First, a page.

The police response wasn’t much better. Huberty entered the McDonald’s just before 4 p.m. When he immediately started shooting, a patron called 911, but a dispatcher sent police to the wrong McDonald’s, delaying them by 10 minutes. Even then, armed officers were afraid to engage the shooter; they set up a perimeter and waited for SWAT units to arrive. Finally, an hour later, a police sniper killed him.
After the second Cleveland Elementary school shooting, the focus was not on the police response, but on the shooter’s access to deadly firearms. Patrick Purdy had been arrested for several gun offenses previously, and was known to authorities as a drug user and alcoholic who’d attempted suicide in jail. So why was he allowed to walk into an Oregon gun shop and buy an AK-47?
When the grim record accumulated in San Ysidro was eclipsed in 1991 at Luby’s Cafeteria in Killeen, Tex., the other side of the gun control debate rose to the fore. As George Hennard methodically executed diners with two semiautomatic handguns, 32-year-old Suzanna Hupp reflexively reached for the pistol she carried in her purse. But as she later testified, that day she’d left her gun in her car before going into the restaurant, worried that violating Texas’ guns laws might jeopardize her chiropractic license.
“My state has gun control laws,” she explained. “It did not keep Hennard from coming in and killing everybody. What it did do was keep me from protecting my family.”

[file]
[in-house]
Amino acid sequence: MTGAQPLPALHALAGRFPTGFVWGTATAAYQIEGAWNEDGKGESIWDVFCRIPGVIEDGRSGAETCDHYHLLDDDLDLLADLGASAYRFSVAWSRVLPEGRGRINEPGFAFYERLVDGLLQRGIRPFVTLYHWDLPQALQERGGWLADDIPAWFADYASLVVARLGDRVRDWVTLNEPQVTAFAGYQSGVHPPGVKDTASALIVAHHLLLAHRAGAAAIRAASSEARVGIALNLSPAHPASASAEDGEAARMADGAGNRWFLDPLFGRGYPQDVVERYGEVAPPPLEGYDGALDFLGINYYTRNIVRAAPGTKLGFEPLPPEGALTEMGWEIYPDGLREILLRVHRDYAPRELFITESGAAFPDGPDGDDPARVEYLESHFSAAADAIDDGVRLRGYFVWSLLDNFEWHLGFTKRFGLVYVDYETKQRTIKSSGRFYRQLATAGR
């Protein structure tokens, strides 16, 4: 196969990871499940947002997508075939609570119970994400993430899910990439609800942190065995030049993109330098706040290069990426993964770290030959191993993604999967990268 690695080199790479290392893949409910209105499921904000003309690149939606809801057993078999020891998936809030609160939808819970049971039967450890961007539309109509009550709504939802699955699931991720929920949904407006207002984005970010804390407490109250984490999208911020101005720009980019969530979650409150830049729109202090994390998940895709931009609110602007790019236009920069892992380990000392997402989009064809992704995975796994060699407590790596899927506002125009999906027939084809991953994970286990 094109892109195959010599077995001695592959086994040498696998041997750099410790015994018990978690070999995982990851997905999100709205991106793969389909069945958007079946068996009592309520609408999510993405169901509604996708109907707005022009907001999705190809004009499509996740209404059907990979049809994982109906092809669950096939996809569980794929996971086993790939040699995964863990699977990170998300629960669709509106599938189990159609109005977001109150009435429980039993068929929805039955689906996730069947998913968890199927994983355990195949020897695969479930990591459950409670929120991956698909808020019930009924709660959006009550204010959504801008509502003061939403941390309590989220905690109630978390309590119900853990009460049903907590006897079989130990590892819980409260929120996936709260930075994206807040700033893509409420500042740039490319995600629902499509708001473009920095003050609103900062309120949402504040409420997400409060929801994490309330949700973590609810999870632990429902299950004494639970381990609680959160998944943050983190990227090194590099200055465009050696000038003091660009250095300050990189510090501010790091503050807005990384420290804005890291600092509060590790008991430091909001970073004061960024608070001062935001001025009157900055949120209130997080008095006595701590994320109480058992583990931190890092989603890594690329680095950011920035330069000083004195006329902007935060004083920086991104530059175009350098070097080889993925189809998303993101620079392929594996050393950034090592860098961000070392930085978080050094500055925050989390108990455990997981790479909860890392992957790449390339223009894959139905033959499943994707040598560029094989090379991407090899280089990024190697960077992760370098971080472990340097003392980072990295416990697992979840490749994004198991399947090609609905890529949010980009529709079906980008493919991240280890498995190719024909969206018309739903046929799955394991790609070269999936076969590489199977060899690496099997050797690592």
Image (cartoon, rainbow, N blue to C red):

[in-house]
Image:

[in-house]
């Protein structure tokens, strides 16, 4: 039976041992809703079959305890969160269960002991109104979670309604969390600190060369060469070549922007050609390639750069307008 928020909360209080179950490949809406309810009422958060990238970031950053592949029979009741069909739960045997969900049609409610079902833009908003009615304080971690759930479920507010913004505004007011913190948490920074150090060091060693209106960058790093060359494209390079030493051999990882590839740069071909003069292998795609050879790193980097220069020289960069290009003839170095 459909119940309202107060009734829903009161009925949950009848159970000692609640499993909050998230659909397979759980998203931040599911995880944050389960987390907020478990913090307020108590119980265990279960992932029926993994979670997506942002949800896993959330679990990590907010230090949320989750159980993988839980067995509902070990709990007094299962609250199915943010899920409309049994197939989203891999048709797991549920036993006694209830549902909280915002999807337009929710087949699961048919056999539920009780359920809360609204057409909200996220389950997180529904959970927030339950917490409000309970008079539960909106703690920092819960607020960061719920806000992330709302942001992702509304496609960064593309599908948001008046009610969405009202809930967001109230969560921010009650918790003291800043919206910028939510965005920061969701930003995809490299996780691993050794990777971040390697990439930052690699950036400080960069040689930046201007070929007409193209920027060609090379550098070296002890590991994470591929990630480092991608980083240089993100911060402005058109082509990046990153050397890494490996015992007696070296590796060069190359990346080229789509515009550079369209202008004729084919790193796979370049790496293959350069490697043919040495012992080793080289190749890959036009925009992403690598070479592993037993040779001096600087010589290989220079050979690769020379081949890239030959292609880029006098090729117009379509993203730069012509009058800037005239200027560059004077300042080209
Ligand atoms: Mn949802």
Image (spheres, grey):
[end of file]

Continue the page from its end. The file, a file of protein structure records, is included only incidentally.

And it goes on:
A Rising Tide of Blood
In the 1980s, there were 30 mass shootings, with 173 deaths. In the 1990s, the number increased to 37, with some 200 fatalities and another 186 wounded, many of them grievously. In the first decade of the new millennium, the number of incidents didn’t appreciably change. There were 33 such shootings, even as they became deadlier -- 227 deaths.
It was in the second decade of the new millennium that this kind of killing became more frequent -- and more fatal. The place names of the killing fields were etched into our memories: Aurora’s cineplex; Sandy Hook Elementary; Washington Navy Yard; “Mother Emanuel” church; Umpqua Community College; San Bernardino; a Wisconsin Sikh temple; Orlando’s Pulse nightclub; Fort Lauderdale Airport; Rancho Tehama; First Baptist Church of Sutherland Springs, Texas; Stoneman Douglas High School; Santa Fe High School in Texas; the Las Vegas strip; The Capital newspaper in Annapolis.
Although Washington lawmakers can seem out of touch, this type of crime was not remote for them. In 2011, Arizona Congresswoman Gabrielle Giffords was grievously wounded by a deranged gunman who also shot 18 other people, six of them fatally. Six years later, Louisiana Rep. Steve Scalise was shot by a man who sprayed a baseball diamond with gunfire.
As the body count mounted during his tenure in the White House, President Obama spoke out, publicly searching for answers. By the end of his presidency, he seemed nearly at a loss for words. When he did discuss the apparent epidemic of violence, Obama expressed the view that the rest of the civilized world has nothing approaching our track record. On Oct. 1, 2015, following the shootings at Umpqua, Obama went to the James S. Brady Briefing Room in the White House – a room named after a victim of gun violence – and expressed his frustration. “Somehow this has become routine,” he said. “My response here at this podium ends up being routine. … We’ve become numb to this.”
The president added, “We are the only advanced country on Earth that sees these kinds of mass shootings every few months.”
It was a sentiment he repeated several times that year, including on Dec. 1, 2015 in Paris. “I say this every time we’ve got one of these mass shootings. This just doesn’t happen in other countries.”